We should also note the possibility of risks of LNG supply reduction to other countries through the use of hydrogen energy, the development of which generally helps to reduce the global dependence on gas. Petroleum products are ubiquitous and widely used fuels for all types of consumers.
Nuclear energy is also applicable to many consumers, is environmentally friendly due to minimal CO2 emissions, and is convenient in terms of the long-term use of nuclear fuel, which is imported from other regions of Russia.
Using estimates for petroleum products as an example: CO2 emissions for 2020 in the world amounted to more than 12 billion tons, or 30% of the total amount of emissions, respectively, the authors assigned a maximum rating of 5 points [60]. The LCOE for diesel installations varies according to specifications and fuel prices. On average, the LCOE will hover around $50/MWh for small installations, while for solar panels, it will be over $150/MWh, so an average rating of 3 was given [61,62]. CAPEX for oil fields continues to grow due to growing concerns about ESG and pressure on investors [63,64].
As a result of the analysis of review and analytical articles, a list of major global technological trends and related technologies was identified [65,66,67,68,69,70]. The existence of each trend is confirmed by examples of Russian and foreign company cases.
Against the background of global goals to reduce the carbon footprint of most industries, companies are striving to implement RESs and renewable energy, combining them with traditional sources under the control of IT technologies. Storage of produced energy is a no less urgent issue, which is solved by companies at the level of technology in the struggle for primacy in the creation of new storages [71]. Digitalization, implementation of microgrids, and active-adaptive networks are a number of additional technological trends caused by the global agenda.
At the moment, Hevel is building an autonomous hybrid power plant with a total capacity of 2.5 MW in the village of Tura. Hywind Scotland wind farm, built jointly by Equinor and Masdar, is operating in the Scottish waters. The total capacity of all wind turbines is 30 MW, the capacity factor is 50%. The development of hydrogen energy and transport should be singled out in the cases of RESs and RES companies: Airbus hydrogen gas turbines, Alstom hydrogen fuel cells [72]. For 6 years, Rubin Central Design Bureau has been preparing the Aisberg project, which includes the development of underwater production complexes of northern fields. The work includes the development of specialized drilling rigs, production stations, process control, and energy-saving equipment.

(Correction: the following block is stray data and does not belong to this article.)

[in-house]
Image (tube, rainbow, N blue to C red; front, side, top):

ROSATOM has developed a number of small nuclear power plants (SNPPs) designed for service in remote areas of the Arctic. Among them, there are transportable complexes, as well as complexes designed for offshore operation, so power units from 1 to >100 MW are represented [73]. The harsh conditions of the Arctic, in general, promote the development of autonomous technologies, as well as remote control technologies. Even today, there are a large number of Russian and foreign projects in the field of unmanned technologies, flying and underwater vehicles for remote control for transport, construction, research, and oil and gas industry needs. The Russian Helicopters Holding Company has developed the VRT-300 multifunctional unmanned helicopter for the Arctic and NSR development, capable of cargo transportation, environmental monitoring, search and rescue operations, as well as equipment and road infrastructure diagnostics. Kalashnikov Concern, Lazurite Central Design Bureau, and others are also engaged in the design of drones.

2.5. Scenario Development

The methodological approach in the study is based on several forecasting scenarios, which are broken down into a sequence of time intervals of 2020–2025; 2025–2030; 2030–2035. Planning or scenario analysis is a consolidated and structured process of creating future opportunities that have socio-economic, environmental, and technological implications.
Scenario planning was based on an analysis of the Arctic’s external environment, followed by the identification of the main factors affecting consumer development, electricity demand, and capacity. As a result of the analysis of the external environment, a list of macro-environmental factors that have the greatest influence on the development of consumers in the Arctic in the period under consideration was compiled.
Based on the brainstorming method, the most significant factors were identified and optimized using cause-effect diagrams. This resulted in the selection of the most significant and independent factors. The brainstorming method has established itself as an effective way to generate creative and effective ideas when solving outstanding and complex problems that require the involvement of specialists from different specialties. The method is widely known and applicable, including in solving scientific and engineering problems [74,75,76]. The research work presented in this article implies a comprehensive study and the involvement of specialists and young scientists from different areas of the fuel and energy complex and MSC, which makes it necessary to organize work, including by the brainstorming method. Based on this method, the most significant factors were identified and optimized using cause-effect diagrams.
During the forecasting phase, several variants of different scenario outcomes were generated. The purpose of combining the most significant factors was to establish the interdependence between the predicted outcomes of the factors under consideration and to write scenarios.